The Department of Defense has initiated a drive for plasma from military members and other people who have recovered from COVID-19 so it can be used to develop a treatment, Stars and Stripes reports.
“We may want to ask you to stick your arm out and donate blood,” said Army Gen. Mark Milley, chairman of the Joint Chiefs of Staff, during a virtual town hall that took place last week. “What that can then do is help others who are severely ill, and if we can do that, then we’ll be on a good path toward getting some really powerful therapeutics.”
The military will open 15 facilities, including one in Germany, to collect plasma from military members and others with access to the facility, including their family members and certain civilians, according to a statement from the Army.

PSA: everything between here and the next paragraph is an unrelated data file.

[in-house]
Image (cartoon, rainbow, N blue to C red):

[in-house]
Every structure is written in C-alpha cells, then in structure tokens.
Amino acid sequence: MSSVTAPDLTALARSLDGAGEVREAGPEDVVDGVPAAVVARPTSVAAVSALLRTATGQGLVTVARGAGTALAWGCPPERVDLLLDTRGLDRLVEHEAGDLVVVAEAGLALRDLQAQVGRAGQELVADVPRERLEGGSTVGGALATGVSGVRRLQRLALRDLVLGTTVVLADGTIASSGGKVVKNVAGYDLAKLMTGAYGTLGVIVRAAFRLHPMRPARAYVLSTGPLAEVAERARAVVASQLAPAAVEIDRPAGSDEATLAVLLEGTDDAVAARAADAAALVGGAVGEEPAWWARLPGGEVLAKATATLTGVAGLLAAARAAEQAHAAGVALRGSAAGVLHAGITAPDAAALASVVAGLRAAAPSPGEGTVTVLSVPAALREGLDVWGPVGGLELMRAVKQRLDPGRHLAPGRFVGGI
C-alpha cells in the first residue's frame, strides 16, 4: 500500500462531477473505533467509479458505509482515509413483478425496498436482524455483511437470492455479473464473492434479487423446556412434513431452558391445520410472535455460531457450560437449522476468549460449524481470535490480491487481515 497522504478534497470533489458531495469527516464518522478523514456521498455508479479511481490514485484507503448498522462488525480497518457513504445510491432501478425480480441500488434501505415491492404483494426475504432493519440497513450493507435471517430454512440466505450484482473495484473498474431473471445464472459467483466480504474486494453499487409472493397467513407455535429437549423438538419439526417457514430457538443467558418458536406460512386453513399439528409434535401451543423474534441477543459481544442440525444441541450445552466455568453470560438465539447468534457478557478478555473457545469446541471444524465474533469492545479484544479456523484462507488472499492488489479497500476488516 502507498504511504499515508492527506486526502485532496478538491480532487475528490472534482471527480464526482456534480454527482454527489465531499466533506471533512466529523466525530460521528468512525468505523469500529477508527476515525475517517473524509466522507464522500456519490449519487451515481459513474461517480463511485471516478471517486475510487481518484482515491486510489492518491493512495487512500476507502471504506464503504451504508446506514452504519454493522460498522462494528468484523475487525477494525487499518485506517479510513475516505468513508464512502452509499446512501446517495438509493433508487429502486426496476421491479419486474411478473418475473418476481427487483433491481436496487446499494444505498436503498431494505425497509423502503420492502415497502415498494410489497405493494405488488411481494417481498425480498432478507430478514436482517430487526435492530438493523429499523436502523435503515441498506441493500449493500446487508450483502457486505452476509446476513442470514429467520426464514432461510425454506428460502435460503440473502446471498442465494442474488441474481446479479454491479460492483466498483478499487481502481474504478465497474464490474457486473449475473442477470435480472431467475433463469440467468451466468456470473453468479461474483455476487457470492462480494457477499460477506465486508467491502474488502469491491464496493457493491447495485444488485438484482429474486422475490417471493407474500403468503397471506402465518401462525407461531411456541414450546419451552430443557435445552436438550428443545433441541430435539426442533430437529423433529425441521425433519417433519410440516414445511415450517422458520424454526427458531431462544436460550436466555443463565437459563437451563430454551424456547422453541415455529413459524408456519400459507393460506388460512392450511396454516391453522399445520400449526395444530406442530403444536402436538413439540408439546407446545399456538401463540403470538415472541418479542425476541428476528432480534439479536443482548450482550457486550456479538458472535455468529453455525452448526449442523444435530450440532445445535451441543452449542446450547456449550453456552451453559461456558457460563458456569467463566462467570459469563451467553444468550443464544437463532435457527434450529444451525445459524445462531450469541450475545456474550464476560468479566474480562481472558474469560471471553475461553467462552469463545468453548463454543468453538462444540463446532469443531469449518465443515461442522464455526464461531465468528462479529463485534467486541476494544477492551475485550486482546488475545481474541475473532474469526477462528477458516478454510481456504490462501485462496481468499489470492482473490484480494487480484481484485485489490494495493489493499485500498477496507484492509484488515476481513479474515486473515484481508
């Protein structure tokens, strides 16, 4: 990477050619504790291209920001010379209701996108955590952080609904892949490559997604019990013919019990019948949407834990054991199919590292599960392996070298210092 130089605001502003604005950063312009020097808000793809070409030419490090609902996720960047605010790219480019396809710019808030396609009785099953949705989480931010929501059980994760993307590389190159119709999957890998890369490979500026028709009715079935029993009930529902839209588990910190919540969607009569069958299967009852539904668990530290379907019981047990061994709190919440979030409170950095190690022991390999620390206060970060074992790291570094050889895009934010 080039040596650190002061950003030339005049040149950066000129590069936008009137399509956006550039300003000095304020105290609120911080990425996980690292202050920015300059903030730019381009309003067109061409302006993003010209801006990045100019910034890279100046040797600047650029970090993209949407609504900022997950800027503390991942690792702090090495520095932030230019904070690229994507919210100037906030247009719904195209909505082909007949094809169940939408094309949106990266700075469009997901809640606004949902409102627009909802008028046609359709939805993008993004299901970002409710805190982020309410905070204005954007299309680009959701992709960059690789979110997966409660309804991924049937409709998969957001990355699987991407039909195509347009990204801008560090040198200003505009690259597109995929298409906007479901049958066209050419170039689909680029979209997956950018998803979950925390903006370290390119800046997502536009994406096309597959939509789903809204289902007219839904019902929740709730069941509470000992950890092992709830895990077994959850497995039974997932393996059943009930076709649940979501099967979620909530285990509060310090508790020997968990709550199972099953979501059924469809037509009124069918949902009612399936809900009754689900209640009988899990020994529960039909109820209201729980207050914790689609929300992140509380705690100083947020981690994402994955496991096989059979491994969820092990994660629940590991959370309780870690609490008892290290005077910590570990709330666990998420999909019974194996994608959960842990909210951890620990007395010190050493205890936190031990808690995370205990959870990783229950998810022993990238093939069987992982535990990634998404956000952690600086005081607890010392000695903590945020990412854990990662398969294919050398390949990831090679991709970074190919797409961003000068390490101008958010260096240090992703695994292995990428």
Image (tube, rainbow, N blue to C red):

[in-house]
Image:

Army Col. Audra Taylor, the head of the Armed Services Blood Program, said in the statement that there is currently no approved treatment for COVID-19, but several patients that were treated by the military health system have received treatment using plasma from patients who have recovered from the disease.
“We are calling for all who are healthy, able and eligible to donate today to help us all stand mission-ready and save lives,” she said. “Our goal as a life-saving program is to always provide a safe and ample supply of blood products. The need is now.”
“We are also reaching out to other military medical facilities in areas within driving distance to contact their recovered COVID-19 patients and invite them to consider donating plasma,” said Stacy Sanning, a spokesperson for the program.
All donors must be 17 years or older, weigh no less than 110 pounds, and be in good health.
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